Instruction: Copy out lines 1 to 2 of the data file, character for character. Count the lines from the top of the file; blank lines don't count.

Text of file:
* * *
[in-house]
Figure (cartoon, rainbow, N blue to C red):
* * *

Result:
[in-house]
Figure (cartoon, rainbow, N blue to C red):